Category Archives: Climate Change

Decomposed Plant Parts Sequester Carbon In The Soil. How Long The Carbon Is Retained Depends On The Details

This research helps bridge the gap between studies of how leaves and other plant litter decompose and soil organic matter, which contains decomposed litter and other bio-based materials. The study builds this bridge by tracing how litter becomes soil organic matter over a decade. The results back a paradigm shift in our understanding of soil carbon research. The study does so by demonstrating that the long-term retention of litter-derived carbon and nitrogen in soil depends on where the litter lands. (Click on title for full story.)

Fossil Arctic Forests May Reveal Climate Change Future

“The geologic record shows us the beginning, middle and end of climate change events,With further study, we can better understand how greenhouse gases and climate change affect life on Earth. (Click on title for full story.)

Lemurs Dependent On Bamboo Risk Climate Caused Extinction

Future projections show that many present-day greater bamboo lemur populations will experience prolonged dry seasons similar to those of the localities where only fossils of the greater bamboo lemur are found. Whereas abundant foods such as bamboo allow feeding specialists to thrive, even a moderate change in seasonality may outstrip the capacity of greater bamboo lemurs to persist on their mechanically demanding food source. Coupling known changes in species distribution with high-resolution ecological and historical data helps to identify extinction risks. (Click on title for full study.)

Deforestation For Palm Oil Is Changing Indonesia’s Climate

Land use change from forest to cash crops such as oil palm and rubber plantations does not only impact biodiversity and stored carbon, but also has a surface warming effect, adding to climate change (Click on title for full story.)

Will Kelp Farming Slow Climate Change?

These marine plants and algae are sometimes called “sea vegetables”—but there are reasons beyond gastronomy to appreciate them. Kelp, in particular, has the potential to greatly reduce ocean acidification. Naturally occurring in cold, coastal marine waters, kelp grows quickly without the need for fertilizer, and it takes up carbon dioxide—which can exacerbate climate change—as well as excess nitrogen and phosphorus. The problem, though, is that there’s not enough of it. (Click on title for full story.)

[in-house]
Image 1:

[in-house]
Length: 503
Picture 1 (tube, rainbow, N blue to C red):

New Study Underscores Value Of Nature In Controlling Climate Change

There’s a growing recognition that to get to below 2°C, we need to actively drawdown carbon from the atmosphere,” Adams says. “And while there’s lots of interest and investment in new technology solutions to capture and store carbon, this is new, experimental technology. Trees and other plants, meanwhile have already perfected this process over hundreds of millions of years of evolution—we’re unlikely to see a better carbon capture and storage technology than that which nature provides.” (Click on title for full story.)

Brown Fields + Plants = Long Term Carbon Sequestration

Although photosynthesis removes a significant amount of CO2 from the atmosphere annually, plant and soil respiration return most of the photosynthesised CO2 into the atmosphere, marking organic CO2 removal as an unstable sink. In contrast, SUCCESS (Sustainable Urban Carbon Capture through Engineering the Soil System) has shown that photosynthesised carbon can be fixed in soils as natural carbonate minerals. (CLick on title for full story.)

Toppled Baobabs Reveal History’s Secrets And Predict Climate Change Effects

Even before human activity started warming our world, climate variability in southern Africa  included these mega-droughts. It is doubtful that that the economy would survive such an occurrence today. Droughts are a clear part of the record, and they are always transient. Through history, and through climate research conducted on these baobabs, it is evident that conditions usually recover after drought. But can that be said for future conditions in a world affected by climate change? (Click on title for full story.)

North America’s Ubiquitous Ash Trees Declared Endangered

Five of the six most prominent ash tree species in North America enter The IUCN Red List as Critically Endangered – only one step from going extinct – with the sixth species assessed as Endangered. These species are being decimated by the invasive Emerald Ash Borer beetle(Agrilus planipennis). Three of them – Green Ash (Fraxinus pennsylvanica), White Ash (Fraxinus americana) and Black Ash (Fraxinus nigra) – are the country’s most dominant ash trees, comprising nearly nine billion trees in the forested lands of the contiguous U.S. (Click on title for full story.)

Tundra Animals Help Off -Set Climate Change Impact On Plant Species

“We found that the warming increased the number of species in plots that were grazed, because it enabled small tundra plants to appear and grow there. But when we fenced reindeer, voles and lemmings out, vegetation became denser and the light was limited. As a result, many small and slowly-growing plant species were lost,” (Click on title for full story.)